Translated by Andrew Vanburen from a Chinese-language piece in the Shanghai Securities Journal
30 enterprises classified as “culture firms” are about to list in China. Could this be the market version of a Cultural Revolution?
The original phenomenon dragged on for a decade, from the mid-sixties to the mid-seventies, and wrought havoc on intellectuals across China and surely set the nation’s development back just as long.
But the emergence of two-and-a-half dozen “culture firms” on China’s domestic capital markets will surely prove a much happier story than the original Cultural Revolution, with one official calling their appearance the beginning of a new pillar industry.
And with Beijing's oft-stated desire to boost China's "soft power," help from above for this cultural sector is a given.
Analysts point to this sudden surge in theme stocks as not only indicative of a possible return of confidence to the A-share markets, but also a potential new growth area on the bourses.
And among this large body of potential newcomers, “culture stocks” that offer both traditional software (ie: service staff) wedded to innovative uses of hardware (ie: technology) will emerge the biggest winners in the bunch.
As of mid-July, there were already 30 culture firms lined up across the country awaiting approval to sell A shares.
According to statistics from the China Securities Regulatory Commission (CSRC) – the country’s market watchdog – the group includes firms engaged in television and film production, publishing, advertising, animation studio work, digital enhancement technology and other segments.
Furthermore, some are engaged in many of these undertakings simultaneously, thus demonstrating the multifaceted nature of modern day “culture firms” that are much more than a fleet of busses carting tourists back and forth to sacred mountains.
Not only are they more diverse and able to focus their energies on the most profitable activities, but new culture firms are increasingly flexible, capable of changing with the evolving marketplace and shifting consumer preferences.
Although credit must go to the founders and management of these firms for their foresight, a lot of the growth and success of new age culture firms like these is also due to robust support and promotion from the government over the past year, and there is little sign that officials are likely to pull the plug on this sector anytime soon.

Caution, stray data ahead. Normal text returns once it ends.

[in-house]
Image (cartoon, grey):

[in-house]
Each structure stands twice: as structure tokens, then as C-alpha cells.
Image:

This can only be good news for those contemplating buying shares in these firms, which will begin floating on the A-share markets in Shanghai and Shenzhen soon.
As an example of the support from Beijing for these soon-to-be listed firms, CSRC Chairman Guo Shuqing said recently that the Commission was fully behind those firms that met core standards of excellence and competence, and felt that helping bring them to market would not only strengthen their core capital raising potential, but also help consolidate the overall industry and make it more viable over the long term.
“This will help make these culture firms another pillar in the nation’s economy,” Guo said.
Therefore, with the CSRC watching their back, it’s no wonder that firms falling under the broad category of “culture” are exploring new ways to expand, including going public.
But given the lack of consolidation in the market and the preponderance of small players, not all IPO aspirants are cut out for big board debuts.
To that end, of the most recent culture firm approved for listings, 12 chose to sell shares on the A-share main board while the other 15 opted for the ChiNext Board, the PRC’s equivalent of the Nasdaq which targets capital-hungry SMEs.
Some of these include multimedia consultancy Simei, who counts among its clientele General Motors, Yum Brands and Panasonic.
Animation house Zhejiang Rising has also been added to the list of newly-approved A-share firms as has TV and film production play AVIC Culture.
These three being in the early wave of approvals clearly demonstrates the CSRC’s preference for more innovative, technologically-savvy players in the culture space.
With their relatively seamless entry to the stock market ensured, their backing from the market watchdog and their technological expertise, this trio of firms and others like them will provide interesting fodder for analysts down the road looking to talk new potential.
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